I noticed recently that the “archives” links to earlier posts had disappeared. I contacted WordPress about this and they said it was probably because the blog theme I had originally chosen had been retired. They suggested I select a new theme, so I did. I like this theme because it is streamlined and makes the posts easier to read. It’s a “premium” theme and that means you should no longer see adds on the posts. There are several other changes that I think will improve the site as well. First, I’ve extended the time period for commenting on posts. It used to be something like a week. I think that isn’t enough time to comment on posts of the sort this blog contains, so I’ve extended the period now to 100 days. I’ve also added a page for “resources” with links to online resources such as the wonderful Ferrall-Repp Danish-English dictionary from 1845 to which I frequently refer. I will eventually also add links to important scholarly works that are in the public domain. I welcome suggestions for additions to this page.
I plan also to add a page of “testimonials.” I’ve had many people, both established scholars and graduate students, write to me and tell me that this blog has been an important resource for them. I’m going to collect some of those comments and post them, with the authors’ permission of course, to the “testimonials” page. There are a couple of reasons I want to do this. First, it will be helpful to people who are new to Kierkegaard and hence not in a good position to judge the quality of the posts. Second, it will help to establish to scholars, and university administrators who are not scholars, that this kind of digital scholarship is actually important to the profession. Many older scholars, as well as older administrators, have been slow to appreciate how important online resources can be. I think a page of testimonials will help to show the importance of such resources.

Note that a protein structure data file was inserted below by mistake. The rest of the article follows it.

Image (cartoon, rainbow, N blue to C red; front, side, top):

I may be mistaken, of course, but my guess is that blogs such as this will one day supplant in importance traditional scholarly journals. I don’t mean to suggest that journals will cease to exist. I think we’ll always have scholarly journals. My guess, though, is that they will nearly all eventually be exclusively online and that even then much of the cutting edge scholarship will take place outside of them because of how slow they are in getting material to the reading public. The problem isn’t getting the material into print, I believe, so much as it is getting referee reports in a timely fashion. I fear that isn’t much that can be done about that. Refereeing articles for scholarly journals is an important task but it is very time consuming. Sometimes the referees want changes to articles and that further delays the process of getting material into print.
Much of what I post isn’t time sensitive, but some of it is, such as my response to Peter Gordon’s review of Daphne Hampson’s book Kierkegaard: Exposition and Critique in the New York Review of Books. I was able to get that post up when that issue of the NYRB was still in circulation. That prompted a conversation, of sorts, between Hampson and myself that likely would never have taken place had I tried to publish my response to the NYRB‘s piece in a scholarly journal and that conversation contains much valuable information concerning Kierkegaard’s view on science, nature, and miracles. If you found that information helpful, or found the information on other posts helpful, please comment to that effect on this post. I’ll eventually collect such comments and create at “testimonials” page for them.
In other news, I have heard from Baylor that they are planning to publish a paperback version of my book Ways of Knowing: Kierkegaard’s Pluralist Epistemology. That is good news. The original hard cover was reasonably priced, but the paperback should be even more affordable.
I’ll be back soon with a post on the conference I attended this summer in Munich!